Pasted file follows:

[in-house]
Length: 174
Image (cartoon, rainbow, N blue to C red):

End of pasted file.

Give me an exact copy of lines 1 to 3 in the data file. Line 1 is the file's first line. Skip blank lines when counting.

[in-house]
Length: 174
Image (cartoon, rainbow, N blue to C red):